Agent or Attorney? Choosing the Right Expert for the Job

By: Ronald R. Rossi

In October 2002, when I was writing my "Real Law" column for the San Jose Mercury News, we published an article on the need for savvy real estate agents. I am circulating the article again today because what was true 14 years ago is still true today.

Following my article on the importance of putting your property on the Multiple Listing Service (MLS) to generate as many offers as possible, I received this e-mail from a reader who had not yet read the column.

"Hello, Ron. I really enjoy reading your column in the San Jose Mercury News! I am thinking about selling my house, myself, 'By Owner,' that is. It's very difficult for me to pass about $30,000 to a real estate agent, and since you are an attorney, perhaps you would be good enough to list the steps in general involved in order for me to do this.

"I'm sure I will need an attorney, one who specializes in real estate, but other than that, I'm unsure. I know that there is a title search involved, but who does this, the buyer or the seller? I would appreciate any assistance that you could provide. Thanks."

Since this friendly reader isn't the first and won't be the last to ask these questions, let me answer this question here for everyone.

Dear Reader: It is relatively easy to hire a real estate attorney to draft the paperwork involved in the sale of your house, but the legal fees involved, no matter what the attorney's hourly rate is, will run anywhere from $3,000 to $6,000 depending on the complexity of the transaction.

Any knowledgeable real estate attorney can fill out contract forms for your property and should be generally familiar with all the standard forms for residential real estate in use in today's market.

However, the big question is, should you hire an attorney or an agent or both?

Let me put myself in your place and imagine that I'm a member of the public with no real estate knowledge. I want to sell my house in today's market, generating the highest possible net return to me - that is, after paying all closing costs and commissions - and avoid any future problems, including claims, mediations, arbitrations and lawsuits. I have a choice of hiring an honest, knowledgeable, diligent real estate attorney or an honest, knowledgeable, diligent real estate agent. Which would I choose?

I've said it before, and I'll say it again. I would choose the real estate agent.

Why is that, you ask? Well, it's simple. A real estate lawyer knows more about the law than an agent does, even though many agents are very knowledgeable in that regard. But who can make intelligent decisions about how to market the property and get the highest return for your dollar? Who can place the property on the MLS and gain access to thousands of home buyers? Who will devote the time to show the property, hold open houses, create brochures, and work to sell that property?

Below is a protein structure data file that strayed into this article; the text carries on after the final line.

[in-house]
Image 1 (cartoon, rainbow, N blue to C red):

Attorneys don't do any of these things; this isn't their area of expertise. One of the most important jobs you have is to choose a good, savvy listing agent.

You need an agent who's familiar with what's going on in the marketplace - price, value, terms. Good listing agents also have a list of reliable service providers who can perform pre-listing inspections.

One mistake people make is hiring listing agents who have little or no experience or who have ulterior motives (such as the one in my previous column who talked my client out of using the MLS). Too often, people hire agents who don't know the contract documents well enough, who aren't as familiar with market conditions as they need to be, or who are stupid, lazy, greedy or any combination thereof.

If you're going to pay out $30,000, pay it to someone who's going to get the job done for you and maximize your return. The best real estate attorney in the world can't do as good a job for you as a skillful, experienced agent who's looking out for your best interests.

If the paperwork is still a concern, a real estate attorney can review it for you in an hour or two, with minimal legal fees. Of course, those of us in real estate litigation would be happier if you hired a stupid, dishonest, lazy agent and didn't ask anyone to review the forms for you, because we could end up handling a very expensive lawsuit for you some years later. (Just kidding.)

I've written many articles on how to choose a good listing agent in the past. If you would like copies, send me an e-mail. Since I'm answering your question in my column, there's no charge for this particular piece of legal advice.

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